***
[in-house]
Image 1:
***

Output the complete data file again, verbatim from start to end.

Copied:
[in-house]
Image 1: